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The Hon John Hickenlooper, Governor, State of Colorado, Denver

A geologist-turned brewpub pioneer who had never run for political office
(not even student council) before running for Denver Mayor in 2003, Governor John Hickenlooper of Colorado took office on Jan. 11, 2011.

Born in Narberth, Pa., John moved to Colorado in 1981, after earning a master’s in Geology at Wesleyan University, and found work with Buckhorn Petroleum. With the collapse of the oil industry in the 1980s, John was laid-off and his career as a geologist came to an end. John opened Colorado’s first brewpub, The Wynkoop Brewing Co. His vision proved successful, and his brewpub and restaurant are now mainstays of Denver’s community

In 2003, John was elected Mayor of Denver. In 2005, he introduced GreenPrint Denver, a plan to improve Denver’s urban environment by increasing efficiency and decreasing greenhouse gas emissions, promoting green urban design, and implementing an aggressive waste reduction campaign. Also in 2005, Time magazine placed him among the top five “big-city” mayors in the country. In 2008, John brought a new level of attention to the Mile High City, successfully marketing Denver as an ideal place to host the 2008 Democratic National Convention.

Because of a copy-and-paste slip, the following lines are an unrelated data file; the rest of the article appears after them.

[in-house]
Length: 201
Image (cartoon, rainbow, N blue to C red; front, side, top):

In 2010, John ran for Governor of Colorado on a platform to make Colorado the best place for entrepreneurs to grow jobs. He promised a balanced budget plan without raising taxes and a regulatory philosophy that would support economic development while maintaining the highest environmental standards. John and his wife, Helen Thorpe, have one son. They live in Denver.

Natural Gas Vehicles:
Governor Hicklooper and 12 other governors have sent a letter to the chief executives of 19 automotive companies urging them to develop and manufacture vehicles that run on natural gas. He and Oklahoma Gov. Mary Fallin have signed a multi-state agreement to increase natural gas vehicles in their fleets.

Natural Gas and the Environment:
Governor Hickenlooper is praising a proposal by the Obama Administration that would require oil and gas companies drilling on federal lands to disclose the chemicals they use in hydraulic fracturing. The US Department of Interior issued its draft rule May 4. Similar regulation is already in effect in Colorado.

“Our set of rules will almost exactly mimic the federal rules, which is the way it should be,” Hickenlooper said during a recent radio interview.